We present an example of the uncompressed text that we modify in order to build our collection

 

Title: Always

Artist: Bon Jovi

Album: Cross Road – The Best of Bon Jovi

Genre: Rock

Tempo: Moderate

Mood: Morose

Situation: Heartbreak

 

Lyrics:

This romeo is bleeding, but you can't see his blood

Its nothing but some feelings, that this old dog kicked up

Its been raining since you left me, now I'm drowning in the flood

You see I've always been a fighter, but without you, I give up

Now I can't sing a love song, like the way its meant to be

Well, I guess I'm not that good anymore

But baby, thats just me

 

NOTE: Only a part of the complete lyrics is provided in the above example

 

In the next step we mark the above information in HTML, and provide the HTML document to mg for compression and indexing.

 

To enable searching by title, artist, album, genre, etc, we break up the text corresponding to the ID3 tag into individual words and prefix it with 777tagname777 and place it in the comment section of the HTML document. E.g. the artist name “Bon Jovi” is stored as:

 

777artist777Bon

777artist777Jovi

 

This approach enables searching with partial matches of the value of the text associated with the tag. In the above example, the document will be retrieved if the user searches on artist=Bon or on artist=Jovi. When the user chooses to search by artist, the search text entered by the user is broken down into individual words and each word is prefixed by 777artist777 and this is passed to mgquery for a ranked query. An identical approach is used for the other tags. If the user searches by lyrics, the text entered by the user is passed as it is to mgquery and no prefixing is done.

 

A final step is the addition of links to the MP3 files and to the lyric files. This links allow the user to retrieve the audio file or the full lyrics.

 

Using the approach described above, the sample MP3 text as marked up in html will be as follows:

 

<!-- >777title777Always

     777artist777Bon

     777artist777Jovi

     777album777Cross

     777album777Road

     777album777-

     777album777The

     777album777Best

     777album777Of

     777album777Bon

     777album777Jovi

     777genre777Rock

     777tempo777Moderate

     777mood777Morose

     777situation777Heartbreak -->

<p>

<font color="#0000FF" size="4" face="Courier New">

<a href="http://www.csdl.tamu.edu/~l0f0954/mp3/Always.mp3">

<img src="http://www.csdl.tamu.edu/~l0f0954/academic/cpsc670/listen.gif" border="0"></a>

<a ref="http://www.csdl.tamu.edu/~l0f0954/mp3/lyrics/Always.html">

<img src="http://www.csdl.tamu.edu/~l0f0954/academic/cpsc670/lyric.gif" border="0"></a>

Always

</font>

<br>

<font size="2" face="Courier">

&nbsp;&nbsp;&nbsp;&nbsp;

Bon Jovi

<br>

&nbsp;&nbsp;&nbsp;&nbsp;

Cross Road - The Best of Bon Jovi

</font>

</p>

<pre>

This romeo is bleeding, but you can't see his blood

Its nothing but some feelings, that this old dog kicked up

Its been raining since you left me, now I'm drowning in the flood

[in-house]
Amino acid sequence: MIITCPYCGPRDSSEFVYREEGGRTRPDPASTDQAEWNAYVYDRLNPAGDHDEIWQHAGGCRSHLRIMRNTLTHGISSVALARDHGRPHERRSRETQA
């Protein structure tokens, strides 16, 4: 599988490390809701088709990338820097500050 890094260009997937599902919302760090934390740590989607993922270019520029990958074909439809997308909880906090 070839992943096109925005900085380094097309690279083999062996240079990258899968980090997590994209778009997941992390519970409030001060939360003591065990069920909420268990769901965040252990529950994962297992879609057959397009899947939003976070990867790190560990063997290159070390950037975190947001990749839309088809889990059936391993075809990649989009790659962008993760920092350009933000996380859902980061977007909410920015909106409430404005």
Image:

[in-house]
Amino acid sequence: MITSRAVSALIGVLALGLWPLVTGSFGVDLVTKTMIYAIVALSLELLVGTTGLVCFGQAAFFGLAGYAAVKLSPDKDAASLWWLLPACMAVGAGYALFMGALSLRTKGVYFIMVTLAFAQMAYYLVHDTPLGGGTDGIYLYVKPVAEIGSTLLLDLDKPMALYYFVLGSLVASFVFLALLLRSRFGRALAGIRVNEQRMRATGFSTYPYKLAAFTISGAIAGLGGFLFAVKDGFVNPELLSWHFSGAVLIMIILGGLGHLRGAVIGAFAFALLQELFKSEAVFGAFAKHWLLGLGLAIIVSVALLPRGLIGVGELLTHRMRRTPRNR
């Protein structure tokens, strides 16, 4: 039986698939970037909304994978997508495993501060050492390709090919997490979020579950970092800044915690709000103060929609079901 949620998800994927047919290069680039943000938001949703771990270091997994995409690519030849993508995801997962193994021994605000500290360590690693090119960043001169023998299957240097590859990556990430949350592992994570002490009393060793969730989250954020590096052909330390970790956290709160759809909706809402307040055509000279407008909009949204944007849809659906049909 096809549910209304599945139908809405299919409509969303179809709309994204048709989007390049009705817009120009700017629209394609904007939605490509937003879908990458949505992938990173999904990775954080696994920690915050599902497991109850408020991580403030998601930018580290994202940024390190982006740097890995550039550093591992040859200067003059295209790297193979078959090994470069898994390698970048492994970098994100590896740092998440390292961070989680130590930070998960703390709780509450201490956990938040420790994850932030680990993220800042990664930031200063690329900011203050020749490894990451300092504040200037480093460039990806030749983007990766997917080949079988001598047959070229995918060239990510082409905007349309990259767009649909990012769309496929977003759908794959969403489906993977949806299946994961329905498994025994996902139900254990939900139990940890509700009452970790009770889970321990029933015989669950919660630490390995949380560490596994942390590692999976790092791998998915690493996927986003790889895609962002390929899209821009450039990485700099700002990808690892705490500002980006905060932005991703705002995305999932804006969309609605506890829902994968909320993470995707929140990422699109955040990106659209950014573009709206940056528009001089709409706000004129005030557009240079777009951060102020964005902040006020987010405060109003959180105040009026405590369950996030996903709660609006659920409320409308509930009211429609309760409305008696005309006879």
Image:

You see I've always been a fighter, but without you, I give up

Now I can't sing a love song, like the way its meant to be

Well, I guess I'm not that good anymore

But baby, thats just me

</pre>

 

Each MP3 file now corresponds to one HTML file. A single HTML file is one document in the collection. A directory containing the HTML files is provided to mgbuild to build the collection.

System

The system design is based on a straightforward architecture as shown in Figure 3. Client-Server communication is accomplish using CGI technology. The CGI executes mg on demand sending and receiving information through the file system

.


 


Figure 3. System architecture.

 

This architecture was selected over other alternative explicitly for its simplicity, and for its wide use on the World Wide Web. It is accessible at the URL:

http://www.csdl.tamu.edu/~l0f0954/academic/cpsc670/cover.html

Client

The client is implemented using standard Web technology and was optimized to work on Internet Explorer 5. HTML Web pages, forms and Javascript are employed in order to support interaction with the user. Figure 4 shows the main search page.

 

Figure 4. MUSE main page

 

Server

The server is a CGI’s implemented in C. The Server follows the following process:

 

1.      Get query term(s) and search options from the client.

2.      Parse the query term and determine type of query. By default MUSE uses ranked queries. However, if the query term includes characters like “&” or “|” then it automatically switches to boolean queries.

3.      Create input file for mg based on the users terms and options.

4.      Run mg.

5.      Retrieve and parse output from mg.

6.      Create and format results.

7.      Send query results to the Client.

 

 

 

 

 

 

 

Using the System

The user starts searching the system by loading the MUSE Search Interface as shown in figure 5.

 

Figure 5. MUSE search interface

 

In order to do a full-text search on the whole collection, the collection field is left as “(all collections)” which mans that MUSE will search by title, artist, album, and lyrics. In this case the user has typed always. The results of this query are shown in Figure 6.

 

Figure 6. Search results

 

In Figure 6, the two icons to the left of the title of the song (in blue) are links to the song (MP3 files) and the complete lyrics of the song (HTML files).

 

The interface also supports browsing by Catalogues. To search by say Genre=Rock, the genre field is selected from the drop-down menu as “Rock” and the “Search” button is clicked. Figure 7 illustrates this process.

 

Figure 7. Browsing by genre

 

Figure 8. Browsing results

 

To search within a catalogue, some text can be provided in the text field that is to the left of the “Search” button.

 

Figure 9. Browsing results